Title: Phantom’s Dance
Author: Lesa Howard
Publication Date: April 6th 2014
Rating: 4.5 stars
Christine Dadey’s family uprooted their lives and moved to Houston for her to attend the prestigious Rousseau Academy of Dance. Now, two years later, Christine struggles to compete among the Academy’s finest dancers, her parents are on the brink of divorce, and she’s told no one about her debilitating performance anxiety and what she’s willing to do to cope with it. Erik was a ballet prodigy, a savant, destined to be a star on the world’s stage, but a suspicious fire left Erik’s face horribly disfigured. Now, a lonely phantom forced to keep his scars hidden, he spends his nights haunting the theater halls, mourning all he’s lost. Then, from behind the curtain he sees the lovely Christine. The moldable, malleable Christine. Drawn in by Erik’s unwavering confidence, Christine allows herself to believe Erik’s declarations that he can transform her into the dancer she longs to be. But Christine’s hope of achieving her dreams may be her undoing when she learns Erik is not everything he claims. And before long, Erik’s shadowy past jeopardizes Christine’s unstable present as his obsession with her becomes hopelessly entangled with his plans for revenge.
Note: This eARC was provided by Boot in the Door Publications via Netgalley in exchange for an honest review.
Despite the ominous blurb, this book doesn’t seem to have a “dark mood” until far later into the book. Some of my favorite parts of the book are the descriptions of Christine and Jenna doing ballet at the Rousseau Academy of Dance. I can clearly imagine their fluid movements as they transition from pose to pose.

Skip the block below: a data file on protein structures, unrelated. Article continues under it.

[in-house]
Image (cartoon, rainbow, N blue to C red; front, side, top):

The romance between Raoul and Christine is also very adorable and cute but its quite similar to most YA relationships. But once again I find myself overlooking the cliche elements of their relationship because of the great plot. I especially like how Raoul continues to stick by Christine no matter what and supports her throughout the (sometimes negative) changes in her life.
Between worrying about a plausible divorce, struggling to overcome performance anxiety and competing against other dancers, Christine proves to be a very complex/interesting character. She’s very relatable but at the same time she’s also entirely unique. Watching her self-confidence increase throughout the book definitely gave me an ego-boost as I find it hard to overcome my own shyness too.
Jenna’s (Christine’s best friend) ambiguity interests me because I often resort to being vague when I don’t want to give an honest answer (don’t we all?). I also love her blunt/unabashed style of checking out guys behind their back! Some of those scenes just made me laugh out loud!
From the start, Erik appeared to be some kind-of bipolar/temperamental person and there’s just something about him that won’t let me trust him despite his heart-breaking past and the help he offers Christine. Then the brutal plot twists at the end of the book, pretty much prove my doubts about him and needless to say, I was pretty shocked by how quickly things unraveled and felt bad for poor Christine.
Do I recommend this book? Yes!